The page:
Forsythia_DBG_2764Just when you don’t think you can stand another minute of bare branches or dead, brown-gray foliage, spring heralds its arrival in a burst of dazzling yellow. All over town, forsythias reassure us that the growing season has finally arrived.

Originally from eastern Asia, where they have been cultivated for centuries, forsythias were collected for western gardens in the early 1800s. Most current garden varieties are hybrids of two species, Forsythia suspensa and F. viridissima. The problem is that the resulting cultivars aren’t reliably hardy in much of Colorado.

Happily plant breeders have been hard at work. ‘Northern Gold’ and ‘Northern Sun’ are both the product of a cross that includes a very hardy (but not very showy) Korean species. The resulting bushes retain the spectacular floral display of their other parentage, and survive down to USDA zone 4, or even 3 with a thick mulch or good snow cover. That’s plenty of hardiness for the Front Range. ‘Meadowlark’ is another cultivar hardy to zone 4.


photo by Lisa Bird

Berlandiera lyrata

Appearance: This very aromatic plant has bright green, flat spreading leaves with shallowly lobed edges.  The flowers are daisy-like, with green center and light yellow petals.  The underside of the petals have maroon markings on them.

Habitat: This plant is very drought tolerant and blooms profusely throughout the season.  The flowers have a wonderful chocolate scent are are edible.  Chocolate Flower prefers full sun and needs very little water.  Found on the Western plains to northern Mexico, in dry rocky soils.  Hardy to Zone 4. (more…)

Iris pallida ‘Variegata’

While most people grow bearded irises for their rainbow of spectacular blooms, Variegated Sweet Iris is prized for its striking variegated leaves. The plants bloom in late spring with lovely violet-blue flowers, and your nose will appreciate their delightfully heady fragrance. But that’s just the beginning. Long after the flowers fade, the stiff, sword-like leaves will remain, with their vertical stripes of blue-green, white and cream creating an exclamation point in the landscape. Plants grow from two to three feet tall, and clumps spread over time.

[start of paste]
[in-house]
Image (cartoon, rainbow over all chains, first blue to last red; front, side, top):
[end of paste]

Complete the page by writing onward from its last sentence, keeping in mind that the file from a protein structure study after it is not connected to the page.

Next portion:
Gazania linearis ‘Colorado Gold’

Gazanias for Colorado! With this cultivar, those of us in cold-winter areas can overwinter these daisy-like flowers usually reserved for gardens in warmer climates. Clumps of strap-shaped green leaves grow only three-inches high, while the big, sunny blossoms hover above on their short stems, stealing the show. The flowers close up at night, and stay that way on cloudy days. An extra bonus: the leafy clumps are evergreen.


Zinnia grandiflora @ChatfieldBG 2006jun29 LAH 003rAPPEARANCE

Resembling a carpet of sunshine, prairie zinnia will delight you with a profusion of gold flowers late summer through fall. A native southwest perennial, prairie zinnia grows low and mounded. Tiny needle-like leaves of light green grow 4 to 8 inches tall topped with vibrant, nearly round yellow-rayed flowers.


This native wildflower loves the heat and sun. It thrives in dry, well-drained soil and can grow on slopes and in rugged terrain. Prairie zinnia is hardy in zones 4-7 and is deer and drought tolerant. It grows naturally throughout the southern regions of the intermountain west. Start seeds indoors in the spring or sow in the garden in late spring. For a longer flowering period, sow the seed in succession. It will self-seed once it is established.


Prairie zinnia forms masses of golden flowers resembling daisies on finely textured foliage growing from a woody base. The low, shrub like growth makes a good ground cover, spreading 4 to 15 inches wide. Prairie zinnia is perfect for naturalizing, in borders and edging around other dry loving plants such as penstemon and cacti. The flowers remain from summer to fall and attract birds and butterflies. Remove the dead flower heads to increase the number of flowers and length of bloom.

Contributed by Valerie Smith, Colorado Master Gardener. For answers to your horticultural questions, contact the Master Gardener Help Desk at 520.7684, 8:30 a.m. to 4:30 p.m. Mondays-Thursdays, or

Photo by Leslie Holzmann, Colorado Master Gardener.

Heliopsis helianthoides False Sunflower bloom 2 @CSUAPPEARANCE

This mid-summer bloomer features golden yellow daisy-like flowers up to three inches across. The bright flowers with dark centers perch on stiff stalks rising from clumps of dark green foliage. Waves of these golden flowers are often seen along roadsides or in fields and meadows.


Heliopsis is an easy to grow perennial. It prefers well drained soil amended with compost, but will tolerate rocky or clay soils. Plant in full sun to part shade and remove the dead flowers during the growing season to promote new blooms. Divide the foliage clumps every two to three years to stimulate growth. Heliopsis is hardy in zones 3-9.


A valuable addition to the perennial border or cutting garden, Heliopsis blooms from summer through fall. A mid to tall perennial that can reach heights of five feet, it is best planted in the back of borders or open areas. Grow with other colorful perennials such as campanulas, hardy geraniums and rudebeckias. The flowers attract butterflies and other pollinators to the garden.

Contributed by Valerie Smith, Colorado Master Gardener. For answers to your horticultural questions, contact the Master Gardener Help Desk at 636-8921, 8:30 a.m. to 4:30 p.m. Mondays – Thursdays, or

Photo courtesy of Leslie Holzmann.